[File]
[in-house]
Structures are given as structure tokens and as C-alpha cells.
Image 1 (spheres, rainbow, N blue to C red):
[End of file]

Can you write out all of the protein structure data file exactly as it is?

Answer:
[in-house]
Structures are given as structure tokens and as C-alpha cells.
Image 1 (spheres, rainbow, N blue to C red):